Working on a budget dwarfed by that of the two clubs ahead of them, the Bavarians have arguably been the standout side in the 2014/14 campaign so far. With eight wins, including five on the trot up to and including Matchday 14, this is the highest position in the standings they've occupied in their 107-year history, and in only their fourth season in Germany's top division.
bundesliga.com traces the qualities that have led to them sitting in one of the automatic qualification spots for the UEFA Champions League....
Kevin Vogt, Matthias Ostrzolek and especially Andre Hahn were high-profile departures in the summer, but sporting director Stefan Reuter has done an excellent job in replacing quality with quality. Abdul Rahman Baba is fast becoming one of the league's most promising players with statistics to rival the best left-backs in the division - Augsburg will no doubt miss him when he competes at the Africa Nations Cup in January - while Bayer 04 Leverkusen loanee Dominik Kohr has shown great potential in central midfield and experience has been added with the acquisition of Markus Feulner from 1. FC Nürnberg. Forwards Tim Matavz and Shawn Parker have suffered with injuries, but striker Nikola Djurdjic is now off and running in the league after scoring in the recent win at Köln.
Weinzierl proved he was a gifted tactician when he changed to a 4-1-4-1 formation in the middle of the 2012/13 season and guided Augsburg to Bundesliga survival having looked doomed at the halfway stage of that campaign. This season he has continued to tweak his side's tactics and shape in line with their opposition. In 2013/14, much of the team's attacking thrust came through the middle with Daniel Baier and Halil Altintop. This season, however, width has been a more noticeable element of their play, with full-backs Paul Verhaegh and Baba (four assists) proving key attacking outlets and Tobias Werner (four goals, two assists) flitting from one wing to another during matches. Captain Verhaegh, incidentally, is their top scorer with five goals - all from the penalty spot - a number that accounts for 28 per cent of the side's goals.
Not only do the Fuggerstädter play attractive football, they also know what is required to compete in the Bundesliga. Markus Weinzierl's men have attempted more challenges - 3,001 - in the current season, winning 56 per cent of them. Not even league leaders FC Bayern München (2,950 challenges with a success rate of 54 per cent) can rival Augsburg's battling qualities. Additionally, it's often the case that the team that works the hardest - or runs the most - comes out on top, but Augsburg do things differently. They have run an average of 114 km per game in 2014/15, which is in fact the lowest of any team in the league. Crucially Augsburg's players know when to run and when to conserve their energy, which no doubt helps leave them more mentally conditioned to edge and see out close games.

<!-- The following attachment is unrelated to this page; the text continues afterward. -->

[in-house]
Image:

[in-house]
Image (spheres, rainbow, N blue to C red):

The numbers show that Weinzierl's side rarely lose focus in encounters. In the five matches in which they have opened the scoring this season, they are yet to drop a single point. Moreover, 15 of their 20 goals have been scored in the second half of games, with 11 (55 per cent) coming in the last 30 minutes. They may be a relatively young Bundesliga club, but this team knows how to see out matches, and their recent results suggest they have the mental resolve to turn games around as well. On Matchdays 12 and 13 they ran out winners after being in losing positions at the interval having never before managed the feat in their previous three Bundesliga campaigns. Up next they entertain the champions, whom they beat last season to end a 53-game unbeaten run for Guardiola's men. There'll be no shortage of confidence among the players for that one.
In 2013/14, Augsburg finished a point outside the final Europa League spot; this term they are in third, in the automatic places for the Champions League. Despite that progression, however, you won't find anyone connected with the team talking up a European charge. Instead, the focus remains on surviving in the top flight, even if the media, fans and other clubs now take the view that survival is no longer the annual lot of a club like Augsburg, only in the top flight since 2011. Back in February, Reuter told Germany football magazine 11Freunde, "We’re eighth in the table now. In Cologne, people would be saying, "Europa League? That's not enough - we want the Champions League", but it's not like that here. Here we know how to assess our situation properly. We have to extract the maximum from what we have, and that should always be enough to keep us in the Bundesliga."